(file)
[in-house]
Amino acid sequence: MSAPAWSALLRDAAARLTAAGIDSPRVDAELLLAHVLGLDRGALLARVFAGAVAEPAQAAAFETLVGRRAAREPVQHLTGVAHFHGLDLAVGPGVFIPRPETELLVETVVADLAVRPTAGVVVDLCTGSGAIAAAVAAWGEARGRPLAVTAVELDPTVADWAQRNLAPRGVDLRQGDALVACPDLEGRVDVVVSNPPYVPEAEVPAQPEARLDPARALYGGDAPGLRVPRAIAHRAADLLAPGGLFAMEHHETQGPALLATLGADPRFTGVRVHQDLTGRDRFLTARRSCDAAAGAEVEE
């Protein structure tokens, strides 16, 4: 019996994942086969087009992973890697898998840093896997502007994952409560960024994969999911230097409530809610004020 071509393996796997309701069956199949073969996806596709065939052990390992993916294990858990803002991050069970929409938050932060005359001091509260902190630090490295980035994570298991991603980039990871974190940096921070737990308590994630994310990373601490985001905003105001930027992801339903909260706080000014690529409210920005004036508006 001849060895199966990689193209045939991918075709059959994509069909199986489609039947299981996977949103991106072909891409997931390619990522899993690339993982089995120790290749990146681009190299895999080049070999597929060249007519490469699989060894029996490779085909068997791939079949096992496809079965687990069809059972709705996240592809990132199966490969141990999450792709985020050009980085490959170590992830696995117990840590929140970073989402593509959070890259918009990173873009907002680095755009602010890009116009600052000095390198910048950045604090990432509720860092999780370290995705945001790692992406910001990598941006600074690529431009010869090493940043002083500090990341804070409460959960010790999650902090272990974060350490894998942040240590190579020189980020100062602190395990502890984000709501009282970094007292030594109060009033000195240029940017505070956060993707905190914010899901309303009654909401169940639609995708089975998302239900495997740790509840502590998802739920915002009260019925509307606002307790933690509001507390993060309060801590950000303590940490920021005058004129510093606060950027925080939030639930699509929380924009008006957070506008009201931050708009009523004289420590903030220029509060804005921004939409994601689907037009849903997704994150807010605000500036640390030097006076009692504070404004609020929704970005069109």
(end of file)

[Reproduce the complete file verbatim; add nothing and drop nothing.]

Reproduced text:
[in-house]
Amino acid sequence: MSAPAWSALLRDAAARLTAAGIDSPRVDAELLLAHVLGLDRGALLARVFAGAVAEPAQAAAFETLVGRRAAREPVQHLTGVAHFHGLDLAVGPGVFIPRPETELLVETVVADLAVRPTAGVVVDLCTGSGAIAAAVAAWGEARGRPLAVTAVELDPTVADWAQRNLAPRGVDLRQGDALVACPDLEGRVDVVVSNPPYVPEAEVPAQPEARLDPARALYGGDAPGLRVPRAIAHRAADLLAPGGLFAMEHHETQGPALLATLGADPRFTGVRVHQDLTGRDRFLTARRSCDAAAGAEVEE
């Protein structure tokens, strides 16, 4: 019996994942086969087009992973890697898998840093896997502007994952409560960024994969999911230097409530809610004020 071509393996796997309701069956199949073969996806596709065939052990390992993916294990858990803002991050069970929409938050932060005359001091509260902190630090490295980035994570298991991603980039990871974190940096921070737990308590994630994310990373601490985001905003105001930027992801339903909260706080000014690529409210920005004036508006 001849060895199966990689193209045939991918075709059959994509069909199986489609039947299981996977949103991106072909891409997931390619990522899993690339993982089995120790290749990146681009190299895999080049070999597929060249007519490469699989060894029996490779085909068997791939079949096992496809079965687990069809059972709705996240592809990132199966490969141990999450792709985020050009980085490959170590992830696995117990840590929140970073989402593509959070890259918009990173873009907002680095755009602010890009116009600052000095390198910048950045604090990432509720860092999780370290995705945001790692992406910001990598941006600074690529431009010869090493940043002083500090990341804070409460959960010790999650902090272990974060350490894998942040240590190579020189980020100062602190395990502890984000709501009282970094007292030594109060009033000195240029940017505070956060993707905190914010899901309303009654909401169940639609995708089975998302239900495997740790509840502590998802739920915002009260019925509307606002307790933690509001507390993060309060801590950000303590940490920021005058004129510093606060950027925080939030639930699509929380924009008006957070506008009201931050708009009523004289420590903030220029509060804005921004939409994601689907037009849903997704994150807010605000500036640390030097006076009692504070404004609020929704970005069109």